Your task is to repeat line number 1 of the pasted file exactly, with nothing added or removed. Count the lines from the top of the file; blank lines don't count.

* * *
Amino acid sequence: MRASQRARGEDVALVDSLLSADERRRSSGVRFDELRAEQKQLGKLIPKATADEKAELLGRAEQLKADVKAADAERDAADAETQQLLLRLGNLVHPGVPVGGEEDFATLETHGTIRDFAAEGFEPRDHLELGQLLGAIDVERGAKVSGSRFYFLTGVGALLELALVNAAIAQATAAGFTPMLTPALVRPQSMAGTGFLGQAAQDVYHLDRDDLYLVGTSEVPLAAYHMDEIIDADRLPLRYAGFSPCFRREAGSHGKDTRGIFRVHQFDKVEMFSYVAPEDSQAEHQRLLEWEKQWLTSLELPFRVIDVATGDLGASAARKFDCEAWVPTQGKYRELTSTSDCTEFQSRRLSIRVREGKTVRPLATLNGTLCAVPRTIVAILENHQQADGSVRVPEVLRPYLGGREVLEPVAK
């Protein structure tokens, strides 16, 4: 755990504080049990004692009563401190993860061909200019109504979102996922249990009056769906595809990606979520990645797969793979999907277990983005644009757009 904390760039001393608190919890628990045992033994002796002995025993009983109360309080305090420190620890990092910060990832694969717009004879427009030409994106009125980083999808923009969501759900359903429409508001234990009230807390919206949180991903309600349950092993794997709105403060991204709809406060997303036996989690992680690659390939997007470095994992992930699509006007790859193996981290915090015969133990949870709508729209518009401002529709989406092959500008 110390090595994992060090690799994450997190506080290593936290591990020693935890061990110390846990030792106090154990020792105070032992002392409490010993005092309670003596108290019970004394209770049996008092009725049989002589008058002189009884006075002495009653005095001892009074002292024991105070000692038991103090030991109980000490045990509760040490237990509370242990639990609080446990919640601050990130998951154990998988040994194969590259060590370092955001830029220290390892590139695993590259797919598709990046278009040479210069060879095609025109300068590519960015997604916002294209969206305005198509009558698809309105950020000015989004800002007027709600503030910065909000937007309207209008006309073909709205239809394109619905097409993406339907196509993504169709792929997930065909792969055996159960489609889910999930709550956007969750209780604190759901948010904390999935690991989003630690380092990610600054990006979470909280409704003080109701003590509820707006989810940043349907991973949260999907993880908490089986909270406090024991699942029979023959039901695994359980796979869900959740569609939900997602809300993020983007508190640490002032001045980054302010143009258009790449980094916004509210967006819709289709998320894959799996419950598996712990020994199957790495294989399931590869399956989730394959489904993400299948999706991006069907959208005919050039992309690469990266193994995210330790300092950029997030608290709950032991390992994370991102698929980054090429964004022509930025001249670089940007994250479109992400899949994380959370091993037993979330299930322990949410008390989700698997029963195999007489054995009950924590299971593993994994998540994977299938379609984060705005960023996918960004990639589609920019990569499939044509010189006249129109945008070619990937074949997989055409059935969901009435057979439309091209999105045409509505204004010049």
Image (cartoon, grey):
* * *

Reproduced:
Amino acid sequence: MRASQRARGEDVALVDSLLSADERRRSSGVRFDELRAEQKQLGKLIPKATADEKAELLGRAEQLKADVKAADAERDAADAETQQLLLRLGNLVHPGVPVGGEEDFATLETHGTIRDFAAEGFEPRDHLELGQLLGAIDVERGAKVSGSRFYFLTGVGALLELALVNAAIAQATAAGFTPMLTPALVRPQSMAGTGFLGQAAQDVYHLDRDDLYLVGTSEVPLAAYHMDEIIDADRLPLRYAGFSPCFRREAGSHGKDTRGIFRVHQFDKVEMFSYVAPEDSQAEHQRLLEWEKQWLTSLELPFRVIDVATGDLGASAARKFDCEAWVPTQGKYRELTSTSDCTEFQSRRLSIRVREGKTVRPLATLNGTLCAVPRTIVAILENHQQADGSVRVPEVLRPYLGGREVLEPVAK